Fiona Ma’s tenure in the California State Assembly was marred by failed attempts to legislate her own grievances away. Whether it’s changing traffic laws to benefit her commute or trying to regulate plasticized corpses out of our science museums, time and time again, Fiona Ma seems more motivated by personal grievances than a groundswell of public support.
But there are times when Fiona Ma has been motivated to legislate for reasons beyond her own self-interest. Like the one time she tried to ban raves because raves were in the news. Google rave controversies, and there you’d find Fiona Ma’s name, bravely tilting at windmills for everyone to see.
Look, that kind of legislature whoring is nothing unique to Fiona Ma. Hell, I even called Mike Gatto out for it when he shamelessly tried to attach his name to “affluenza,” the buzz word of that moment, by proposing a law that restricted judges from considering that legal argument. Look, Mike Gatto’s an attorney, and he knew there was no way in hell the courts would accept state assemblymen telling them what arguments they could or couldn’t consider. But passing the law wasn’t the point. The point was to surf the wave of somebody else’s bad P.R. and make himself look like a hero to anyone looking.
So that was the case in 2011, when Fiona Ma tried to ban raves at public event spaces like the LA Colosseum. To understand this cynical, reactionary attempt at costly government overreach, we first need to step back.
In 2011, there were two high profile instances of ecstasy overdoses at LA raves. In total, three people died.
Yes only three people were killed. Three… as in slightly more than two and slightly less than four. Tragic, yes, but not quite the health epidemic that staircases present, as nearly a thousand people die every year from tripping on stairs.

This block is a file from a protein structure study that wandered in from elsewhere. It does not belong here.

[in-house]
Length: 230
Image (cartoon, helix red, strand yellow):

Regardless of logic, practicality and cost, Fiona Ma saw an opportunity to get her name in the press, so she cobbled together a deeply flawed piece of legislation known as the Anti-Rave Act of 2011 (AB-74), which was met with obvious and deserved backlash.
Rumors swirled that Ma had withdrawn the bill after it disappeared from legislative agendas, but she insisted it was still alive and that soon it would come roaring back. And it eventually did, but by then, the bill had been so watered down that there really wasn’t any point to its existence.
Instead of her proposed ban on raves at public spaces, Fiona Ma’s AB-74 ultimately required that “If the state agency determines that, based on the facts presented to it in the assessment, there is a strong probability that loss of life or harm to the participants could occur, then the state agency shall require the promoter to prepare an event action plan.”
Yep. That’s the sum total of her year of work on that bill. If an inspector thinks someone could get hurt, then an organizer has to write an “action plan.” That’s it. So back in the real world, here’s how Fiona Ma’s dumbass new law would have played out in the case of three people out of millions dying because of ecstasy overdoses…
INSPECTOR: Do you have an ‘action plan’ if someone overdoses on ecstasy?
EVENT PLANNER: Yes, we will call the EMT’s.
Hahaha. Dumbasses are so funny! But that whole process probably cost California tax payers a few million bucks. Still laughing?
A side note: at one point, Fiona Ma announced that she’d be doing her own research into rave culture by attending one herself. I’m not sure if she ever actually did, or of that was more public relations showboating, but in an interview with San Francisco Weekly, she seemed totally fucking clueless about what a rave actually is, claiming they’re full of “people walking around like zombies, sleeping all over, lying all over the floor, vomiting in the corners, vomiting in the bathrooms … people lying in their own urine.”
Yep, she sounds like an accountant’s perspective on partying.